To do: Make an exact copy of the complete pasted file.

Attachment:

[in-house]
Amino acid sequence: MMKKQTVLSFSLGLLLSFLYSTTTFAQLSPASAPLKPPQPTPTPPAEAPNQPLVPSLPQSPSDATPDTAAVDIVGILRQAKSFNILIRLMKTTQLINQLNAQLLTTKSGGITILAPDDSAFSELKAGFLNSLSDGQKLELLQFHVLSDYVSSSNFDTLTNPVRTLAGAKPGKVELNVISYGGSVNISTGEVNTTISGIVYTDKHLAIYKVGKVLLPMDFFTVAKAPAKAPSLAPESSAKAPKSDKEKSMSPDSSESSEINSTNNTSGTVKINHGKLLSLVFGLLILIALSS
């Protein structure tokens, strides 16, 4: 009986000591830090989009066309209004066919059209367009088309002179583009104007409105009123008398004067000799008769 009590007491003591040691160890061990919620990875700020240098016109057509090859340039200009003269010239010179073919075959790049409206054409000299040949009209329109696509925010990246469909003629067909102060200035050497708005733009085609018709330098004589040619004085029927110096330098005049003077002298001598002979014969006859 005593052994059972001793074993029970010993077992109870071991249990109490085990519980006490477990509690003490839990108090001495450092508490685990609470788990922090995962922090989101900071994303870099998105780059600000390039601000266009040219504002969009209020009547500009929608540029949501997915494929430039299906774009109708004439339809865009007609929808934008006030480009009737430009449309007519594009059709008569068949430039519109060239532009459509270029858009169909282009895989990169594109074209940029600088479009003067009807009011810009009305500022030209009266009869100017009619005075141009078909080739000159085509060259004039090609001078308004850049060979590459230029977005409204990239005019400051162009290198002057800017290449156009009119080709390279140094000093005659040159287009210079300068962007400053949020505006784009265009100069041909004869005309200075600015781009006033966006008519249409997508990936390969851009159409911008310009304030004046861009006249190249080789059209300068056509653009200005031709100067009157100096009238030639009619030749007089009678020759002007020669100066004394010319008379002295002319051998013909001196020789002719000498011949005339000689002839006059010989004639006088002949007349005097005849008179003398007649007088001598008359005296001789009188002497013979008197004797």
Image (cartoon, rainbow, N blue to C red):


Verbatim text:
[in-house]
Amino acid sequence: MMKKQTVLSFSLGLLLSFLYSTTTFAQLSPASAPLKPPQPTPTPPAEAPNQPLVPSLPQSPSDATPDTAAVDIVGILRQAKSFNILIRLMKTTQLINQLNAQLLTTKSGGITILAPDDSAFSELKAGFLNSLSDGQKLELLQFHVLSDYVSSSNFDTLTNPVRTLAGAKPGKVELNVISYGGSVNISTGEVNTTISGIVYTDKHLAIYKVGKVLLPMDFFTVAKAPAKAPSLAPESSAKAPKSDKEKSMSPDSSESSEINSTNNTSGTVKINHGKLLSLVFGLLILIALSS
């Protein structure tokens, strides 16, 4: 009986000591830090989009066309209004066919059209367009088309002179583009104007409105009123008398004067000799008769 009590007491003591040691160890061990919620990875700020240098016109057509090859340039200009003269010239010179073919075959790049409206054409000299040949009209329109696509925010990246469909003629067909102060200035050497708005733009085609018709330098004589040619004085029927110096330098005049003077002298001598002979014969006859 005593052994059972001793074993029970010993077992109870071991249990109490085990519980006490477990509690003490839990108090001495450092508490685990609470788990922090995962922090989101900071994303870099998105780059600000390039601000266009040219504002969009209020009547500009929608540029949501997915494929430039299906774009109708004439339809865009007609929808934008006030480009009737430009449309007519594009059709008569068949430039519109060239532009459509270029858009169909282009895989990169594109074209940029600088479009003067009807009011810009009305500022030209009266009869100017009619005075141009078909080739000159085509060259004039090609001078308004850049060979590459230029977005409204990239005019400051162009290198002057800017290449156009009119080709390279140094000093005659040159287009210079300068962007400053949020505006784009265009100069041909004869005309200075600015781009006033966006008519249409997508990936390969851009159409911008310009304030004046861009006249190249080789059209300068056509653009200005031709100067009157100096009238030639009619030749007089009678020759002007020669100066004394010319008379002295002319051998013909001196020789002719000498011949005339000689002839006059010989004639006088002949007349005097005849008179003398007649007088001598008359005296001789009188002497013979008197004797």
Image (cartoon, rainbow, N blue to C red):